Opera fanatics incessantly evaluate all aspects of singers, conductors, directors, composers, set designers and opera companies. True geeks know the intricacies of how the human voice works, and how it should work in any given operatic role vis-à-vis any given singer. Opera roles are like clothes, which singers “try on” to varying degrees of success. Certain voices fit certain roles perfectly, but singers often try on roles a size or two too big. Not pretty.

In the higher realms of rap, Frannie says, you have to navigate the interior social strata, the subtleties of sampling and layers of meaning behind the braggadocio and how it relates to selling records. Rap, like opera, also has complicated “cast lists.” Keeping up with who appears on whose singles, mixtapes and remixes can be as confounding as keeping track of who sang what on the famous Knappertsbusch Ring cycles. And with rap, like opera, there are a huge amount of regional variety, from Compton to Atlanta to the Bronx, London and Istanbul.

And then there’s the language, as Bob mentioned. Both the actual language that each genre uses in performance and the cryptic vernaculars each has engendered (click here for a handy Bay area hip-hop dictionary, and here to decode some opera jargon). Opera and rap rely heavily on words, many of which are not immediately discernable. Rap can have complex poetry (and profanity) zipping past at indecipherable speeds (especially theturbo rappers). Opera often has foreign tongues and high flying phrasing, requiring CD listeners to run to their printed librettos and opera houses to install supertitles.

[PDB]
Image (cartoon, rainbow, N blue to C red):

Opera and rap take work to appreciate — perhaps more effort than many of today’s music consumers are willing to expend. In an age when more and more music is available to anyone’s ears, are we turning into lazy listeners? Is it too easy to download too much, to acquire everything but actually hear nothing? Does any time remain to fully appreciate a complete hip-hop album, let alone an entire opera? It also takes work to enjoy music that’s as in-your-face as opera and rap are. With all the melodrama, social consciousness, violence and intense vocal styles, they certainly are not musical wallpaper.

Opera and rap. Who knew they could be so far from each other and yet so close? And who really knows exactly why they both act like lightning rods when it comes to musical preferences? Is it deeply rooted in social psychology, elitism, racism, self-image? The discussion has already been interesting around the NPR Music water cooler. Need to weigh in yourself? Have a story about opera, rap and the reasons why like and dislike what we do? Let us know in the comments section.